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Teaching and Learning: Imagery

Essentially, there are five types of imagery, each linked to one of our senses:

Visual – sight
Auditory – sound
Kinesthetic – touch
Olfactory – smell
Gustatory – taste

The key to good imagery is engaging all five senses.

The featured photo shows an example of a multi layered IMAGERY lesson, here at St Peter’s Preparatory School.  These are Year 6 pupils in a Humanities lesson about ‘The Age of Exploration’. The children had to smell, touch, taste and observe a range of world spices. They had to plot the spices’ origins on a world map, then track the routes that great historical explorers took. They then had to spot patterns on the very same world map.
They had to reason.
Find evidence.
Research historical facts.
Then, they had to decide on the chronological order of events.  In other words,  they had to apply high order thinking skills using a range of imagery to support their statements.

(As an aside, and as an additional challenge, the children were challenged to learn how the spices were made.  For example, were they made from a seed? Plant? Tree? Bush? Leaf? Flower? Petal? Bark? Root? Bulb? Fruit? Ask them to find out more. They are now experts!)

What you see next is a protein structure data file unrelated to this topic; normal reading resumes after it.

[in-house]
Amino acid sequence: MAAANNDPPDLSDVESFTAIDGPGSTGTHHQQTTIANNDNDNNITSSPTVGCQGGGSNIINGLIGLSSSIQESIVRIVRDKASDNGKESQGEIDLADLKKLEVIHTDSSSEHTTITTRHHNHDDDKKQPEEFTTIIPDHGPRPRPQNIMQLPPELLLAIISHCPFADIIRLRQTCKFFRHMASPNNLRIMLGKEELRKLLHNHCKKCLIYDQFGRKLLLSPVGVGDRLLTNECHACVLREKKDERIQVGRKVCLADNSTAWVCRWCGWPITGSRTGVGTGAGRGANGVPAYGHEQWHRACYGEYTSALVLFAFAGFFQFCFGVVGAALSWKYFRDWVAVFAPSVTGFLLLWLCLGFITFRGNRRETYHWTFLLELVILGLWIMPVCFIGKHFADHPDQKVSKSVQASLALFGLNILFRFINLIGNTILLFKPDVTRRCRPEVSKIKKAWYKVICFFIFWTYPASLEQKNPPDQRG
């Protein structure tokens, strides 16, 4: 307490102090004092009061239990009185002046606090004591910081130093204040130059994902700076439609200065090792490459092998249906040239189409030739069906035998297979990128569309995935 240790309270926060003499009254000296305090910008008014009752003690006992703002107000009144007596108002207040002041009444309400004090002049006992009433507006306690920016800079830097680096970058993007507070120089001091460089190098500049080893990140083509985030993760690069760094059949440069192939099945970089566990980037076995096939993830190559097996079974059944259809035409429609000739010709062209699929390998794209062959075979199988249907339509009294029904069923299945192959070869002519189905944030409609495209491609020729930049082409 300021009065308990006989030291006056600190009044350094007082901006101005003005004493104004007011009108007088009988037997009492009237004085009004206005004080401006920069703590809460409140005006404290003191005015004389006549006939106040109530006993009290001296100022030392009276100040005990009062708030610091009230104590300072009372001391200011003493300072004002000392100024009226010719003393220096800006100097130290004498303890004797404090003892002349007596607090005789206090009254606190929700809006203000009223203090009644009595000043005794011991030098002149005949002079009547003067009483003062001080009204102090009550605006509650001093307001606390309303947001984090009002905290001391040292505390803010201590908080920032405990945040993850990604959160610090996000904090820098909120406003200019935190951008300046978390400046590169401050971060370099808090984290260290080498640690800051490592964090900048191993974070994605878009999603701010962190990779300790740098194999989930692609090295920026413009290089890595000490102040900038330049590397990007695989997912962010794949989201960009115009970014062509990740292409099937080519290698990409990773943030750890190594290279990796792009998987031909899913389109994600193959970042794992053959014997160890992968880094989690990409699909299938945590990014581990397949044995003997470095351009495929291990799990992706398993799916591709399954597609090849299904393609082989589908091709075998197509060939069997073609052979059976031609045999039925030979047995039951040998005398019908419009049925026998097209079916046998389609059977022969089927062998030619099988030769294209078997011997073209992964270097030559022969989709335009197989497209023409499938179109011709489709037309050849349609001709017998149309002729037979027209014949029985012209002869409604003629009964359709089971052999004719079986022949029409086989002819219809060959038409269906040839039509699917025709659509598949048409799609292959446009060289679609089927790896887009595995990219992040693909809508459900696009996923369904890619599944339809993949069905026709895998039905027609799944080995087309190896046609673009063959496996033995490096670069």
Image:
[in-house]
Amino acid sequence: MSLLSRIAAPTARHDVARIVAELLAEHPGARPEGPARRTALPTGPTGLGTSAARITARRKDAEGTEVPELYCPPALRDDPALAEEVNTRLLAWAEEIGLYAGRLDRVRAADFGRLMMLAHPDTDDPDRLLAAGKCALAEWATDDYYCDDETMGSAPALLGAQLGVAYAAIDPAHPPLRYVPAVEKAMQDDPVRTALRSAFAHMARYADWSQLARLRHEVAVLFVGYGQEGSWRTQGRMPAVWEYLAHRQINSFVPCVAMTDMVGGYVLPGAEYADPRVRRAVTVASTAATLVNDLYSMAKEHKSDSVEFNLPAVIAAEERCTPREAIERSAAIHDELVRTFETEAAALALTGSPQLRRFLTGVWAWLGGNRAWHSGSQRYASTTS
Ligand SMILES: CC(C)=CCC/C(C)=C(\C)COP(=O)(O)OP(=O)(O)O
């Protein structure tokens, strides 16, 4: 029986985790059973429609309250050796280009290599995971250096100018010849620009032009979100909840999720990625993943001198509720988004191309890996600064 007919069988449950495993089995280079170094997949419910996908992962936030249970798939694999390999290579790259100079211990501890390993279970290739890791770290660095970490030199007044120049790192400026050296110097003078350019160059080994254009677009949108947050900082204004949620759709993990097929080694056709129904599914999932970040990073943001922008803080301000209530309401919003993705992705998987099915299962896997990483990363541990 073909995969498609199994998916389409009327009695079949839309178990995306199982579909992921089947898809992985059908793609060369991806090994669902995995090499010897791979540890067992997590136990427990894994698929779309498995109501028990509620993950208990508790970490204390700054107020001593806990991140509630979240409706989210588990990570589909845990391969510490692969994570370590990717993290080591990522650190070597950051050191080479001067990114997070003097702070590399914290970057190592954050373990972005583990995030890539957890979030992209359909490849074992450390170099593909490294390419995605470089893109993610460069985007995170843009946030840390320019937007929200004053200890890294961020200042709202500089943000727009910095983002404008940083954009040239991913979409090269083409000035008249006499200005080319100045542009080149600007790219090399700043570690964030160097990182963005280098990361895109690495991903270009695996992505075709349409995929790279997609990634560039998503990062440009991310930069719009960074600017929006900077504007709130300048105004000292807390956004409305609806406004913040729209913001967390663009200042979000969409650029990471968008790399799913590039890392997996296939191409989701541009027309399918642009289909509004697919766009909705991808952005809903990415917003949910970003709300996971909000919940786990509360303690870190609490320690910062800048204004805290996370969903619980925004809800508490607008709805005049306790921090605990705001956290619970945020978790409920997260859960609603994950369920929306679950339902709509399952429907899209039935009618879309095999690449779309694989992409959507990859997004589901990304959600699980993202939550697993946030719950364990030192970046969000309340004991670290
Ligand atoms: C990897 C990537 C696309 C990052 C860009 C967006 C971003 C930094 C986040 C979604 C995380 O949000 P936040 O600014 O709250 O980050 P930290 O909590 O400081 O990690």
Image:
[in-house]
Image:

If you would like some powerful visual imagery materials, which can be used as conversation starters and discussion points with your child at home, then please do check out the following link.

Images to Inspire

This tool was brought to my attention by Mrs Lucy Davies, one of our creative and talented Year 1 teachers. It is clever and beautiful.  The blog writer, Sam, states:

‘Since I started teaching, I have observed and preached the benefits of using pictures in the classroom. They are immediate; they stimulate the imagination and promote creativity. Children who often ‘sit back’ are able and willing to contribute. They learn that their opinions matter.’

Do bear imagery in mind when supporting your child with homework.  It can often be the key that unlocks understanding. Remember,  imagery can be:

Visual – sight
Auditory – sound
Kinesthetic – touch
Olfactory – smell
Gustatory – taste

Talk with your child’s tutor for more imagery ideas that you can use for different subjects.

Looking through the latest edition of the school’s Celebration Newsletter, I can see that the St Peter’s Preparatory School staff are experts at providing exactly the right imagery for exactly the right moment.

Mrs Lucy Ball

Deputy Head